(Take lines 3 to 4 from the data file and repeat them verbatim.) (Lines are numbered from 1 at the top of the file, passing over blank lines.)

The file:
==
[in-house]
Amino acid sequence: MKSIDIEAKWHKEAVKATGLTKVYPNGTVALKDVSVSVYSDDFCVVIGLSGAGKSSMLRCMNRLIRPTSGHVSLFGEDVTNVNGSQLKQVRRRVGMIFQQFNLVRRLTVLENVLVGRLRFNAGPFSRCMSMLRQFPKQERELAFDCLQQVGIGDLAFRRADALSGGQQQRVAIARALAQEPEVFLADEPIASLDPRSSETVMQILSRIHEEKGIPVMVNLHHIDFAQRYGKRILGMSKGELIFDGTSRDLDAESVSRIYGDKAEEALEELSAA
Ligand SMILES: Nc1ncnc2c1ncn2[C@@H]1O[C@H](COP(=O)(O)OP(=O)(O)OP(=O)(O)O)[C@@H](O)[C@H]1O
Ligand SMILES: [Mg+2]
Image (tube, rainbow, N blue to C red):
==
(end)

Ligand SMILES: Nc1ncnc2c1ncn2[C@@H]1O[C@H](COP(=O)(O)OP(=O)(O)OP(=O)(O)O)[C@@H](O)[C@H]1O
Ligand SMILES: [Mg+2]